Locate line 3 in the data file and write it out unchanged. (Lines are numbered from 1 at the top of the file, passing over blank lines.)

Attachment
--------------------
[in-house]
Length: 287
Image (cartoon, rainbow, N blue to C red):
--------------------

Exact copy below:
Image (cartoon, rainbow, N blue to C red):